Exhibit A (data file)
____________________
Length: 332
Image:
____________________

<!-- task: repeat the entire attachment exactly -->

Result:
Length: 332
Image: